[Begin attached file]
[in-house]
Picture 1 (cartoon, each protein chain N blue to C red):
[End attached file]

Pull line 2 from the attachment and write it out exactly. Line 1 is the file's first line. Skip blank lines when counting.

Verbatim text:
Picture 1 (cartoon, each protein chain N blue to C red):